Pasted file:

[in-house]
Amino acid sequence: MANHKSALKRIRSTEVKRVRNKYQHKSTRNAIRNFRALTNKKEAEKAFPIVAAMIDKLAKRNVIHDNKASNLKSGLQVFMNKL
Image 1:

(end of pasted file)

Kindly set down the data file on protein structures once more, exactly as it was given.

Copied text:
[in-house]
Amino acid sequence: MANHKSALKRIRSTEVKRVRNKYQHKSTRNAIRNFRALTNKKEAEKAFPIVAAMIDKLAKRNVIHDNKASNLKSGLQVFMNKL
Image 1: